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Its development was started about four years later than the Titan I, and it was consequently based on a later and more advanced state of the art. It weighs about fifty percent more than the Titan I, the thrust of its engines is also about fifty percent greater, and its payload-carrying capability is correspondingly larger. But more important for military applications, it uses an entirely different fuel-and-oxidizer combination. The fuel, UDMH, is a derivative of a toxic nitrogen compound, hydrazine. The oxidizer is nitrogen textroxide [sic]. Both are poisonous and nasty to handle, but they have the twin advantages of being liquids under normal temperature conditions and of igniting directly on contact. Such fuel-oxidizer combinations which ignite on contact are spoken of as being "hypergolic," and combinations which can be stored without the use of extreme refrigeration or high pressures are known as "storable." The use of this storable hypergolic propellant combination enables the Titan II to be stored in its silo fully fueled and ready to go. It also makes possible a somewhat simpler and hence more reliable engine design. The Titan II development program had always been surrounded by controversy. I had favored it, and so had General Schriever, but not all of our technical and military colleagues had. However, after a review of the Titan program, the new Administration decided to continue its development as previously laid out, but to reduce the number of planned Titan II squadrons by one. Eventually all of the Titan Is were decommissioned, but in 1970 there were still fifty-four Titan IIs deployed as part of our strategic forces.

The Atlas and the Titan II performed major service as boosters in our civilian and military satellite programs throughout the 1960s. The Atlas was used to launch the one-man Mercury capsules which initiated our manned-space-flight program. The Titan II was used to launch the two- man Gemini capsules which made possible the docking experiments and the space-walk experiments which led directly to our Apollo program. With some additional solid-propellant boosters strapped


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on in parallel with its first stage to give it still greater initial thrust, the Titan II became the Titan III and was used to launch satellites into extremely high orbits.

The Minuteman ICBM was, of course, also inherited from the Eisenhower Administration, having been started in 1957 just before Sputnik. The Minuteman was, as already described, a three-stage solid- propellant rocket. Its payload was considerably less than that of either the Atlas or the Titan, but it could be stored indefinitely in a ready-to-go status and launched on approximately a one-minute warning to targets which bad been previously stored in the memory bank of its inertial-guidance system.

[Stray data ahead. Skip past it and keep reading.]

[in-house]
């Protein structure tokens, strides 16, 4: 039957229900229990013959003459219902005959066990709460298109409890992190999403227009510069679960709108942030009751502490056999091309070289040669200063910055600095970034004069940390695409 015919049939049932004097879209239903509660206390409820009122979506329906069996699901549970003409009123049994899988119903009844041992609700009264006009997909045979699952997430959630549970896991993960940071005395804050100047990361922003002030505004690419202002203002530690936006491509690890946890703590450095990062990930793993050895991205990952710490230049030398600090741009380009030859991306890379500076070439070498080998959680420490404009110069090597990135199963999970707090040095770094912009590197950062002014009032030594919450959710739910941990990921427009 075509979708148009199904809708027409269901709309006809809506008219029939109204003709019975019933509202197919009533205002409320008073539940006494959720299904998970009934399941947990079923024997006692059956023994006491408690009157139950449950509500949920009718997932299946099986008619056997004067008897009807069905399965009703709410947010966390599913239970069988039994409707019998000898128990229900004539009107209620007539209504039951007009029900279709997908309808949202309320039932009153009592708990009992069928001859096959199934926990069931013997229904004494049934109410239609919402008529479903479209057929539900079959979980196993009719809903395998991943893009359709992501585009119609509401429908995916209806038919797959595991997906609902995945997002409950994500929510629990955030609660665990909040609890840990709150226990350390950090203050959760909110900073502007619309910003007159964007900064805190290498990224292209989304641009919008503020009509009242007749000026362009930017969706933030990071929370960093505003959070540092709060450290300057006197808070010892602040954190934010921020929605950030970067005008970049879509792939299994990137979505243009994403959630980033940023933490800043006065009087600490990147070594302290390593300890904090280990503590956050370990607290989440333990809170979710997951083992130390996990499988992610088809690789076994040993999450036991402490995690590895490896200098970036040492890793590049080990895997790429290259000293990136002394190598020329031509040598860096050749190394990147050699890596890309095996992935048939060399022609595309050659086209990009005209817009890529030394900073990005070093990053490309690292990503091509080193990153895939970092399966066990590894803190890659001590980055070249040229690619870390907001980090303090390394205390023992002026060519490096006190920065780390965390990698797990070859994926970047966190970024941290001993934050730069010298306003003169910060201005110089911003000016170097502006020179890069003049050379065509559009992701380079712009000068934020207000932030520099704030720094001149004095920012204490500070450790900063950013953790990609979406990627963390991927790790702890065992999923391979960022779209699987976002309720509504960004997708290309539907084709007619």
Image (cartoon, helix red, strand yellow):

Like the Atlas and the Titan, the Minuteman was to be deployed in underground silos, but, since the whole system was smaller and less complex, it was easy to make the silos stronger than in the case of the big liquid missiles. These days the figure "300 pounds p.s.i. hardness" is commonly used to describe the degree of protection which the underground silos give to the Minuteman. This number means that in order to destroy a Minuteman rocket in its silo an attacking weapon must land close enough to produce a blast overpressure of three hundred pounds per square inch. For example, a one-megaton ground burst must be within about two thousand feet of the entrance to the silo in order to destroy its contents. At the time of the changeover in administration, Secretary Gates had not yet determined the ultimate number of Minutemen to be deployed, but he had set in motion programs designed to provide facilities for manufacturing and reworking a force of somewhat less than 1,000, the precise number depending on the rates involved. The Air Force, on the other hand, was urging deployment figures more like 2,000 to 3,000, and General Thomas S. Power, then commander of SAC, talked of 10,000.

McNamara resolved these uncertainties early in his administration. He set the deployment goal at first at 800 and then soon after increased it to 1,000. He also increased somewhat